Five Global Shipping Trends to Watch in 2018

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Overall, 2017 was a good year for the ocean shipping industry. Operating margins for most carriers improved, driven by robust demand, positive inventory developments and higher rate levels. Will the positive recovery continue? Or will the vicious cycle we’ve experienced since 2008 continue, where carriers are truly profitable for only three to four years at a time?

Industry watchers remember all too well the chaos of the Hanjin bankruptcy in 2016 and the aftermath: fully loaded ships in limbo and supply chains in disarray. With this as backdrop, carrier activities remain high on the list of trends to watch and consider in 2018. Let’s look at five global carrier trends we will see this year.

Carrier consolidation

Most people think carrier consolidation reached its peak in 2017, but consolidations will likely continue. A few carriers are rumored to be heavy targets of consolidation. When analyzing their capacity and order books, it seems likely we’ll see some activity in late 2018. Also, several carriers who remain outside of the broader alliances are likely to evaluate their service strings and loading factors, then slot charter agreements and work with other carriers to keep up with what’s happening in the market.

Carrier alliances

It’s very likely the alliances we know today (2M+HMM, The Alliance, Ocean Alliance) will change. As carrier consolidations occur in 2018, one carrier could easily make a move on a carrier in another alliance, which would alter the entire alliance landscape. Similar shakeups impacted the market in 2015. Back then, the G6 alliance had six different cargo interests on one vessel, all of which may have had varying terminal and intermodal interests.

When it was time for intermodal moves, the rail lines had to deal with six different shipping lines. The carrier alliances further complicated train loading priorities given their various interests. Worse, alliance members operated multiple terminal interests within a port, so containers discharging from a single ship and the chassis may have had to be returned to different terminals.

All of this exacerbates congestion, delays and financial burden. Today, evolving carrier alliances could discontinue schedules, disrupting shippers’ plans, although changes of this sort will likely draw out until after many contracts expire. Still, companies must carefully choose carrier options that cut across alliances to protect their interests.

Over capacity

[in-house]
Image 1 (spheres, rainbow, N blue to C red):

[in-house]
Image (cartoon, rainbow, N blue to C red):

COSCO, Evergreen, CMA CGM and OOCL are scheduled to add significant capacity in 2018. These larger class vessels will likely operate in the Asia to Europe trade. Yet, as in the past, adding capacity in one lane can impact other lanes and impact rate stability in those lanes, especially if overall demand falls behind available capacity.

The industry continues to scrap vessels below 20 years at an all-time low, and realized capacity continues to expand exponentially, something the industry wrestles with every year. Carriers have been removing capacity through blank sailings to stabilize supply and demand and preserve rate levels, and they may do more of it to stabilize a declining market.


Even with rapid employment of technology in the last few years, our industry has not seen meaningful transformation. Almost half of bookings are still manual, and as many as half of all invoices contain errors. These basic and fundamental areas of our business need improvement. And, after the Maersk cyber security attack in 2017, the industry needs to keep data integrity top of mind.

Choke points

Many issues continue to rise once vessels arrive at ports, including terminal congestion, conflicting interests within terminals, rail delays, chassis shortages and labor volatilities. All can cause delays at last mile delivery points. There are some warning signs that shippers can watch for by constantly reviewing performances at the terminals and listening to feedback from dray carriers and chassis providers. The more diverse a shipper’s routings are, the easier it will be to navigate around choke points once alarms are raised.

Overall, global shipping in 2018 will be relatively similar to 2017. As carriers jockey for market share, there could be rate volatilities. Some shippers will benefit, but service may suffer for others, especially for those who are trying to carry the right amount of inventory and who therefore find it difficult to cope if there are delays.

In our own business, we expect another trend from 2017 to continue into 2018. Shippers are likely to try to move away from long-term, fixed pricing structures and to press for more creative pricing options as volatility continues.